Last week, Amazon.com unwittingly dealt an enormous body blow to the concept of Digital Rights Management (DRM) by remotely deleting legally purchased copies of George Orwell’s Nineteen Eighty-Four from all Kindle ebook devices. The excellent TeleRead site devoted to all things e-book and e-reader has a very well-considered post about the dangers of DRM and how we must protect ourselves against a world where customers don’t really end up owning digital copies of things they buy online.
When Amazon can connect to your Kindle device and blow away the book you bought, it means that you never really owned it at all. You’re a renter. Get used to it. Almost any online service you can think of that sells you a book or a piece of music can come into your device and zap your stuff. They consider it their right to do so. We need laws that make our digital purchases our very own property and forbid anyone from modifying or deleting them for any reason.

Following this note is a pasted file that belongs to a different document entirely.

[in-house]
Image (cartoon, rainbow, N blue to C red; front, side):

The TeleRead article draws the connection between the ability of a company like Amazon to zap books and government censorship. Since the technology can zap books, it will zap books because governments will consider it an effective means of censorship.